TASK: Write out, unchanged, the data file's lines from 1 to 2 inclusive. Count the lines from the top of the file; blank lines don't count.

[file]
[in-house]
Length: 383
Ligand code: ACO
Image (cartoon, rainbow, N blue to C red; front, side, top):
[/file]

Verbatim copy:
[in-house]
Length: 383